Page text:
6. Capt. Eduardo del Mango says:

    Arrange an interview with the lead developer, John! See if he’ll admit to being a pathological liar.

    “So, Sean Murray, IF THAT IS YOUR REAL NAME…”

    • Marr says:

      Be fair now, give him a decade or two to waste millions of dollars and destroy a few dozen careers first.

    • Josh W says:

      Sean Murry’s crime is being enthusiastic about collecting things and looking at pretty landscapes, Hello games did a great twitch stream of them playing the game, and enjoying it, while constantly teasing themselves about marketing ambitions.

      Watching that and you couldn’t help but think “this is going to be a very particular game, but it could be a wonderful cool down after other more intense things”. And so far, that’s pretty much exactly what it’s been.

      You play it, and you do think of all the other things it could be, what could be happening there, and the fact that the game itself doesn’t contain those things is a shame, but it’s fun what it makes you imagine, like a book or something, except instead of filling in the gaps with visuals based on the words, your filling in gameplay based on the visuals.

  7. stringerdell says:

    All Ive seen is the launch trailer and a few pretty screenshots so I’m basically in the same boat. Going to buy it Friday anyway because its so damn pretty and Im a sucker for games about exploration.

  8. Eight Rooks says:

    I’ll be a tiny bit of a devil’s advocate here, because I have become heartily fed up of stating “No, I’m not watching/playing/reading X, because I’m pretty sure it’s rubbish”, being told “How dare you presume to say any such thing, you can’t possibly have any idea what it’ll be like, if you don’t experience every last minute for yourself your opinion isn’t worth squat” – then watching/playing/reading X and discovering that what do you know, I was right all along, and whoever I was talking to was glossing over faults as wide as the Grand Canyon which were obvious from minute one. Sometimes preconceptions are perfectly valid, or at least well worth listening to. I’ve seen enough people offering quite rational, considered appraisals of No Man’s Sky alongside all the shrieking internet hate, which it seems – surprise, surprise – were pretty close to the bullseye, if not dead center.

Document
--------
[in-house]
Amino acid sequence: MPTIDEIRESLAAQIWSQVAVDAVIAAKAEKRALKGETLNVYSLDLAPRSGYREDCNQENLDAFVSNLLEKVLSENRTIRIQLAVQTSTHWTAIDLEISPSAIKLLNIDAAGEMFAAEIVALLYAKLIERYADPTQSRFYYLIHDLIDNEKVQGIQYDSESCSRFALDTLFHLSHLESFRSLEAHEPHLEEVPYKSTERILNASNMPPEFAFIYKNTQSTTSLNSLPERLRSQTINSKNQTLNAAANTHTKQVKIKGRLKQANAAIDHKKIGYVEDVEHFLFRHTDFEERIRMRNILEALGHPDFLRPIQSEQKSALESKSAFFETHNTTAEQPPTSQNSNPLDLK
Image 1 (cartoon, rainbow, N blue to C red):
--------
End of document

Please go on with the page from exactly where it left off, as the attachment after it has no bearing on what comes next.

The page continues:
That being said, yes, while I won’t be playing the game myself any time soon, I’m also looking forward to your WiT, John. I hope you enjoy it.

    • Thankmar says:

      I’m with you here. You get a certain amount of experience, you can estimate your experience with games, movies, TV-Series, whatever, from their advertising and claims what its gonna be like. The more the business-side of these hybrid art-forms is involved, the more exact your estimation will be, meaning: its easy to guess your experience with a new political TV-Drama, or the next Tom Cruise action flick, not as easy with an unknown indie director. As is the case with NMS.

      With NMS you have a part unprecedented world-building (at this scale), a part well-known survival-mechanics and some parts of intended vagueness. Many people focus on the world-part, which combined with the vagueness builds a giant canvas for all kind of projections. Other people focus on the mechanics, which seem to be pretty generic. So, the point here is: Do HG have some things up their sleeves, which rocket NMS into greatness or not?

      I’m thinking John wrote first about an ideal, and second about games that try something new and therefore cannot be estimated by having experience (which is synonymous with indie production these days). Therefore I think games like this should have the benefit of the doubt, and the player (the critic) should try to have an open mind and the willingness to let the game surprise you.

      Even if NMS is everything so many people want it to be, its not gonna be my kind of game. I do fear it plays out as generic as the other many people think. But I’m rooting for it anyway, just because it seems to try very hard to be something new and unique.

  9. Captain Narol says:

    Have a great time, John ! I won’t wait for your review but I’m curious to read your impressions !

  10. Xocrates says:

    “I’ve never made my mind up about a game before I’ve started playing it, because – well – that would be really stupid.”

    Thing is, this is both entirely accurate and completely wrong.